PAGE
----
08 March 2014

Lesson Number One | Cinnamon Rolls for the Year

Let us repeat lesson number one of living with food allergies: You will not be fed. Ever.

So get used to it and plan ahead. You will save yourself time, money, and headache. If you learn anything from reading this blog, this is the lesson, hence why I repeat it so often. If you learn anything else, it's that with a little planning and thinking, being vegan and gluten-free can be as normal as breathing oxygen.
“Are you foodrude?” This article from XOJane makes a valuable social point about life with food allergies: there are (arbitrary) rules governing social interactions. When I first became vegetarian, when offered animal products, I said, “No thanks, I’m vegetarian.” Which is kind of rude, according to the article, to point out my differences. Mentioning being veggie didn’t last long; by the end of freshman year, I didn’t bring it up except when asked (and I ate a lot of unsatisfactory meals in the process, as a consequence not speaking up for myself).

Ahh, tension: politely declining proffered provisions yet also making clear one’s dietary restrictions. Sara Kaye’s beef with food rudeness is with those who preach when offered something that doesn’t fit their religion diet.

From the beginning, for me, what you put in your mouth is your business, and what I put in my mouth is mine. It’s what comes out of your mouth that’s more important. Moreover, I cannot control your reaction. I control mine (or try to). For example:

Host: Would you like some egg rolls?
Q: No, thank you.
Host: They’re vegetarian and organic!
Q: No, I’m good, thanks.

Pause. Paws!  To use the Miss Manners criteria Kaye cites, is what I’m saying necessary? Yes, answering a direct request. Are my words kind? Well, they’re not insulting.

I would also have the option, if I know my host enough, to say, “I’m vegan,” if s/he is the type of person who doesn’t take no for an answer (and say I keep repeatedly refusing hors d’oeuvres.) Sometimes I tell servers at events when I’ve refused a few plates of passed hors d’oeuvres that I’m vegan and gluten-free and they don't need to offer anything to me. Sometimes they help me out and point out a vegan and gluten-free option.

At restaurants, it’s a different situation. Let your server politely know you have food allergies, or if you’re making a reservation, ask ahead of time if the restaurant might be able to accommodate your needs. For the love of cats, though: if you, the food-allergenic person are making the reservation or choosing where you and your friends/family/guests are going, pick somewhere you can eat! Stand up for yourself. When I’ve been in bad moods, I’ve given up and had unsatisfactory meals at places because I didn’t speak up to my dining companions. With dietary restrictions, whether you chose them or you developed them, you must assume that you will not be fed. The positive to that negative is that you must learn to advocate for yourself.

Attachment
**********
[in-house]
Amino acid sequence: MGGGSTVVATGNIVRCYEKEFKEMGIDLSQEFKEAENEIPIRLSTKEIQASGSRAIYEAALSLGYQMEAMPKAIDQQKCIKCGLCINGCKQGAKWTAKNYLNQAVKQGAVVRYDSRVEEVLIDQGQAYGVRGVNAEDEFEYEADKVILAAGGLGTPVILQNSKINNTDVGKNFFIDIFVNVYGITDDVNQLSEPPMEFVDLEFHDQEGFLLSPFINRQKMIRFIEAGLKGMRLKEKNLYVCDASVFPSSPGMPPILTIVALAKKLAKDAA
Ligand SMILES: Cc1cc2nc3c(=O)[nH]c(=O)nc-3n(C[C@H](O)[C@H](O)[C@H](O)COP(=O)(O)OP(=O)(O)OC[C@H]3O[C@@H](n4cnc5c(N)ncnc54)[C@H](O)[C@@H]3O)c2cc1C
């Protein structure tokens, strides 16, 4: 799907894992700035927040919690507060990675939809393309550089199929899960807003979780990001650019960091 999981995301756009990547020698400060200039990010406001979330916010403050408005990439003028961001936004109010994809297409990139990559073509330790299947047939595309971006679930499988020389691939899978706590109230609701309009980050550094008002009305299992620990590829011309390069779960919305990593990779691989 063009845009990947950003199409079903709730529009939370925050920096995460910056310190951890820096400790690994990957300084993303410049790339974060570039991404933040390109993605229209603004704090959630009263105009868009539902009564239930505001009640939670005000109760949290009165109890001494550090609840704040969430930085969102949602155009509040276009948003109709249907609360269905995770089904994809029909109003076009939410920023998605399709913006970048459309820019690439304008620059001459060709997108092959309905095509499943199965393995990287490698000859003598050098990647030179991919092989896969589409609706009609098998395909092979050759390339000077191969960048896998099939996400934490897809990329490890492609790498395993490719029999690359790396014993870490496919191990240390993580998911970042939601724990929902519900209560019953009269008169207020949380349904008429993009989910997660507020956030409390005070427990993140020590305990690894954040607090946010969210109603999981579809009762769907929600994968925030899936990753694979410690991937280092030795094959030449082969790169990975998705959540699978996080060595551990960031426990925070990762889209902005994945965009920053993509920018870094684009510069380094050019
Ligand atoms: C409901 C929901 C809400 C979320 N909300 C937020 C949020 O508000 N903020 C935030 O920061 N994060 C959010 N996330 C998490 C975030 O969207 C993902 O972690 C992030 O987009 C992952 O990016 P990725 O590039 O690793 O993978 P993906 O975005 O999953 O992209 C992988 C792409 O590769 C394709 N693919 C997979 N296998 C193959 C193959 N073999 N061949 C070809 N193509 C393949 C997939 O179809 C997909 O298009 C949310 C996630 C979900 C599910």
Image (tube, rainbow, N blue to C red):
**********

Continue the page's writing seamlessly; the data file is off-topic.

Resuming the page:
You set your boundaries in order to help yourself live a better life, and keeping sight of that ultimate goal can help you maintain your boundaries. Yes, maintaining boundaries can be difficult, never mind setting them is difficult enough, but there are quality-of-life payoffs in avoiding allergenic/inflammatory substances: no headaches, rashes, digestive upset, joint pain, throat itching, accidental death…

Another difficulty in life with food allergies is lack of convenience. Well, with allergy-free food being a burgeoning market these days, there are some options and prepackaged meals/treats/bread/meat substitutes, but they cost a pretty penny (both for transit/shipping and for the item itself). Hey wait, let us adjust our sets: convenience foods may be standard fare for people without food allergies in modern times. However, convenience foods also contain preservatives, genetically-modified ingredients, and foodlike substances made in labs, i.e., chemicals that are going to hang around in your adipose tissue for who knows how long. What’s a food allergenic person jonesing for a cinnamon roll going to do? Not buy one ze can’t eat, that’s for sure.

Revolutionary idea: make your own. The Vegan Taste is an online magazine that thrives on that idea. DIY or die (OK, so not having a cinnamon roll is not as harsh as all that—or maybe it is!)